A few days ago, Peter Stallybrass pointed me toward the digital edition of Francis Daniel Pastorius (1651-1719) work, His Hive, Melliotrophium Alvear or, Rusca Apium, Begun Anno Do[mi]ni or, in the year of Christian Account 1696. This work is a compendium of various kinds of "found" lore, a sort of precursor to Walter Benjamin's Arcades project --
Pastorius' commonplace book, usually referred to as the Beehive manuscript (from Pastorius' prologue, p. 1), is a compendium and alphabetical digest of knowledge including inscriptions, epitaphs, proverbs, poetry, Biblical citations, theological citations, quotations, a list of books he read or knew, copies of letters, and notes on science, useful herbs and other plants.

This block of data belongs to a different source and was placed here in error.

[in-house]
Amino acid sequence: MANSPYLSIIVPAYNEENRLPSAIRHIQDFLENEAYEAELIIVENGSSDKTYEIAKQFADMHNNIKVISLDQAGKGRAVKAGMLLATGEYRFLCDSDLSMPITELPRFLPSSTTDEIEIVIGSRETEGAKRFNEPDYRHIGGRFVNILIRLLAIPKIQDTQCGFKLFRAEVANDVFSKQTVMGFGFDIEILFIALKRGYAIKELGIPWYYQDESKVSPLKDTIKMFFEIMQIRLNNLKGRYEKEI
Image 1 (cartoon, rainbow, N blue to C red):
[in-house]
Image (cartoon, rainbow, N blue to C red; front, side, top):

The Beehive is a foundational work of American poetics, even if few American poets know it. Key, as Peter pointed out to me, is the alphabetical index, the third volume, which enables a reader to find items scattered through the work, which consists of three volume of about 1000 pages. Certainly the index makes for a stellar, uncanny, found poem, more resonant for contemporary readers than Pastorius's own poetry.